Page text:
“The team members must be held to a higher standard in education and training,” he says. “They must be versed in products, consumer adaptation to certain products, consumer engagement, billing, and service. The only way for managers to on-board and engage their sales team is for the manager to possess a strong ability to train, coach, and do the job themselves.”
The next step, he said, is that product training and education must be a part of the team members’ performance evaluation. There must be continuous testing of all retail team members. Minimum acceptable scoring in each area tested must be established and an incentive must be paralleled with team members achieving these milestones.
“We can teach, train and coach all we want but unless the sales numbers increase and we have satisfied customers who not only come back but also refer their friends and family to our business, we are not successful,” Bello says. “Managers can gauge success and effectiveness through the sales numbers and a customer referral program, social media comments, and customer surveys.”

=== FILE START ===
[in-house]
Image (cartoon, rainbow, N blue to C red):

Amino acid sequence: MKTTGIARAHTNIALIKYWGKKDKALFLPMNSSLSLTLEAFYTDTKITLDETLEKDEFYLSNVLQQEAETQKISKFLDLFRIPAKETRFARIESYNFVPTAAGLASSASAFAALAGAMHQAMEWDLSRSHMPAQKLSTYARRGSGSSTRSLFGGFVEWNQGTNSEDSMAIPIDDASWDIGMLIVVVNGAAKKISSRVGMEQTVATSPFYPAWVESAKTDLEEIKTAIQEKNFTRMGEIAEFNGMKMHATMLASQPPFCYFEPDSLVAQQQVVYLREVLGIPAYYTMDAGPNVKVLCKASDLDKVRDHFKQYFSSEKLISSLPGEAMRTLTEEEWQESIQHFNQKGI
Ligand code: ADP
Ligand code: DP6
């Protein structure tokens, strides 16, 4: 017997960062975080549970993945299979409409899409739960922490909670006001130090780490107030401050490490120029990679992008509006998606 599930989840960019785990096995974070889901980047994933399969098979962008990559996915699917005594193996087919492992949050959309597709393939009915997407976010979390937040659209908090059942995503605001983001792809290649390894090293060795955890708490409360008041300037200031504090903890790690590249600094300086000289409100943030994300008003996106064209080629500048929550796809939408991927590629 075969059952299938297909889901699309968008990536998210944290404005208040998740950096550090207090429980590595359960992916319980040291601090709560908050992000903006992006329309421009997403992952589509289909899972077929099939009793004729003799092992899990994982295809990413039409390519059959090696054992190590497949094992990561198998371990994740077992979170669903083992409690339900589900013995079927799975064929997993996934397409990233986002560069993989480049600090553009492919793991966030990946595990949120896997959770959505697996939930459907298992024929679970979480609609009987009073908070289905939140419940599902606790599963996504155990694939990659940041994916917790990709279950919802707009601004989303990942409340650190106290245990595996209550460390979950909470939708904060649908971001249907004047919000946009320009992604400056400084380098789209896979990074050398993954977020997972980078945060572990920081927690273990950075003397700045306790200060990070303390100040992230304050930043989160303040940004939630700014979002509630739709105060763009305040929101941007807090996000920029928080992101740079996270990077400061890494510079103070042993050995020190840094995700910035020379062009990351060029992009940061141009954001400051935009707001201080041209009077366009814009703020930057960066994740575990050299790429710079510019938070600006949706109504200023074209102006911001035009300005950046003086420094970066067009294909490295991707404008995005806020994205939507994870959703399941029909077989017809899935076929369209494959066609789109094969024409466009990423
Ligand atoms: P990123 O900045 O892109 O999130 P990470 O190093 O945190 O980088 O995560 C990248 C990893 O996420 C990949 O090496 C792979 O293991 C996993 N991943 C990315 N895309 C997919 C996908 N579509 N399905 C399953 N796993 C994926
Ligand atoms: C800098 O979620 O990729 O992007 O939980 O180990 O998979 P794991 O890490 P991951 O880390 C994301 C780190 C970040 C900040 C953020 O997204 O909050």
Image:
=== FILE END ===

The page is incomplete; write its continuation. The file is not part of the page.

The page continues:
Related to VGM’s secret shopping, Bello stresses the mystery shopper is an essential measurement for each HME retail provider.
“A mystery shopper program can be the catalyst needed to really drive customer satisfaction,” he says. “This is not a very complicated system to put in place and can be very affordable.”
This article originally appeared in the February 2016 issue of HME Business.